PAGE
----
The outlook for crude remains grim as a number of analysts have predicted that it could fall as low as US$20 per barrel before the oil crash is over. With a range of indicators highlighting that this is a distinct possibility, it is time for investors to accept that there will be further carnage in the energy patch during 2016.

In fact, I would not be surprised to see a further round of dividend and capital-spending cuts as energy companies adjust to the “new normal” of sharply weaker prices.

Now what?

Saudi Arabia is determined to keep the spigots open and dump crude in to an already saturated global market in an attempt to boost market share. This is despite the fact that many OPEC members, including the Saudis, are feeling the pain of markedly soft crude prices; many are now grappling with large funding gaps in their budgets.

Then there is the prospect of Iran boosting its output by up to one million barrels daily once trade sanctions are lifted in 2016.

Meanwhile, a number of non-OPEC states such as Russia remain determined to grow oil production despite oil prices being at their lowest level in over a decade. In October 2015 Russian oil output hit a post-Soviet record of just over 10 million barrels daily. This number will continue to grow because of Moscow’s dependence on oil revenue.

These factors alone could push the global supply surplus to 3.5 million barrels daily or higher, which would weigh heavily on oil prices over the course of 2016.

It is also difficult to perceive any notable decline in U.S. oil output during 2016. Despite crude now being at its lowest price in over a decade and the number of U.S. oil rigs, which has fallen to a 14-year low, shale oil producers are still pumping crude at near-record levels.

And they will continue to do so even if crude falls further.

This is because these companies need to pump crude to generate cash flow in order to survive the oil crunch.

Furthermore, one of the most significant costs in the industry is drilling wells, thus once a well is completed it makes sense for a company to open the spigots and pump crude in order to recoup at least some of that cost.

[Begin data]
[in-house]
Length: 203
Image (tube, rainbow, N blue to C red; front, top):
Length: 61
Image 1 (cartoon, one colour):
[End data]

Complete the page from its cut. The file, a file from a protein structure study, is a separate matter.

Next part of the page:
Then it is worth considering that the ongoing cost cutting among shale oil producers is causing the breakeven costs for many shale oil plays to fall.

An example of this is the prolific Eagle Ford shale.

At this time, Eagle Ford has a breakeven cost of US$54 per barrel, but thanks to cost-cutting efforts analysts expect this to fall to US$41 per barrel in coming months. This, along with many companies having even lower breakeven costs, will see shale oil companies continue to pump crude even if prices fall further.

As a result, not only are weak crude prices the new normal, but US$20 per barrel is a real possibility.

So what?

If crude falls under US$30 per barrel it will have a decisive impact on the energy patch. It would mean that companies will be forced to slash their dividends yet again or even end them altogether. Then companies such as Penn West Petroleum Ltd. (TSX:PWT)(NYSE:PWE), Lightstream Resources Ltd. (TSX:LTS), and Pacific  Exploration and Production Corp. (TSX:PRE), which are struggling with considerable debt burdens, would be forced into bankruptcy.

For these reasons, investing in the energy patch remains unattractive, at least until there are signs that crude is on the cusp of recovering.

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